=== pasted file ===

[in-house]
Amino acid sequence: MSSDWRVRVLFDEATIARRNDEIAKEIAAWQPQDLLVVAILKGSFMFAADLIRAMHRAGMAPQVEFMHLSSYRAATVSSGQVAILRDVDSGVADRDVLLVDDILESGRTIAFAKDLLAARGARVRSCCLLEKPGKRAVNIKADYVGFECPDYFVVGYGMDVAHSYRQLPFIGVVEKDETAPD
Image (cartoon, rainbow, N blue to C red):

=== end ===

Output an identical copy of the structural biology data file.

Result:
[in-house]
Amino acid sequence: MSSDWRVRVLFDEATIARRNDEIAKEIAAWQPQDLLVVAILKGSFMFAADLIRAMHRAGMAPQVEFMHLSSYRAATVSSGQVAILRDVDSGVADRDVLLVDDILESGRTIAFAKDLLAARGARVRSCCLLEKPGKRAVNIKADYVGFECPDYFVVGYGMDVAHSYRQLPFIGVVEKDETAPD
Image (cartoon, rainbow, N blue to C red):